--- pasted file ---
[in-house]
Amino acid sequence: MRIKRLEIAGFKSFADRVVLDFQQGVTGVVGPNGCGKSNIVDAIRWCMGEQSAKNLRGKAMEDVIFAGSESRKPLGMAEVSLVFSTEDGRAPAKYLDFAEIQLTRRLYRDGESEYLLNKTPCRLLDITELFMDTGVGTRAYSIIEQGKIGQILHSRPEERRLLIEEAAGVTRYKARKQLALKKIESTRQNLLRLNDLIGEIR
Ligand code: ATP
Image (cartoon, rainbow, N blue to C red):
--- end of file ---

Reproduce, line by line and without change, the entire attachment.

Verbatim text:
[in-house]
Amino acid sequence: MRIKRLEIAGFKSFADRVVLDFQQGVTGVVGPNGCGKSNIVDAIRWCMGEQSAKNLRGKAMEDVIFAGSESRKPLGMAEVSLVFSTEDGRAPAKYLDFAEIQLTRRLYRDGESEYLLNKTPCRLLDITELFMDTGVGTRAYSIIEQGKIGQILHSRPEERRLLIEEAAGVTRYKARKQLALKKIESTRQNLLRLNDLIGEIR
Ligand code: ATP
Image (cartoon, rainbow, N blue to C red):